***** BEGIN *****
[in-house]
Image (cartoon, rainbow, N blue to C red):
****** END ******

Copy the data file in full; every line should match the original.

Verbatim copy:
[in-house]
Image (cartoon, rainbow, N blue to C red):